Published by Walden Pond Press on September 24th 2013
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From Anne Ursu, the author of one of the most widely acclaimed middle-grade novels in recent memory, comes a new fairy-tale adventure of magic and friendship.
On an island at the edge of an immense sea there is a city, a forest, and a boy. The city is called Asteri, a perfect city that was saved by the magic woven into its walls from a devastating plague that swept through the world over a hundred years before. The forest is called the Barrow, a vast wood of ancient trees that encircles the city and feeds the earth with magic. And the boy is called Oscar, a shop boy for the most powerful magician in the Barrow. Oscar spends his days in a small room in the dark cellar of his master's shop grinding herbs and dreaming of the wizards who once lived on the island generations ago. Oscar's world is small, but he likes it that way. The real world is vast, strange, and unpredictable. And Oscar does not quite fit in.
But it's been a long time since anyone who could call himself a wizard walked the world, and now that world is changing. Children in the city are falling ill and something sinister lurks in the forest. Oscar has been content to stay in his small room in the cellar, comforted in the knowledge that the magic that flows from the trees will keep his island safe. Now, even magic may not be enough to save it...
The Real Boy takes a wonderful new look at the story of Pinnocchio, but set in it’s own world with characters that made me fall in love with the book from page one. Oscar does not remember much before he started working for a wizard, grinding herbs and sneaking into the library late at night to learn more about them. The actual magician’s assistant is a somewhat cruel boy who goes out of his way to make Oscar miserable, but all in all he is happy with his life.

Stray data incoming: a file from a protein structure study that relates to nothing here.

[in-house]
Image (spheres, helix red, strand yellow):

Until one day, he is left all by himself to tend the story, after a terrible accident. Being awkward and strange to others, he finds that he would like nothing better than for life to go back to the mindless happiness of herbs and late night library visits. With the help of the healer’s assistant Callie, he finds himself helping her try to find out what is making the children in the city sick.
The situations throughout the book really show Oscar’s ability to be more than he is even before he can believe it himself. I loved Oscar’s character and how he develops throughout the book – it’s nice to see through his eyes the story as it develops, as he tries to figure out who he really is and more importantly, who he wants to be. I love seeing characters transform, especially in children’s literature and I found myself rooting for Oscar the whole way through.
Final Verdict: Anne Ursu writes the best fantasy books and I have to say that The Real Boy will be soon on the shelves of my own school library and I will be pushing it into the hands of students who love fairy tales. The Real Boy is a book that you will not want to miss out on!
Check out the other stops on the Real Boy Blog Tour over at the Walden Pond Press website.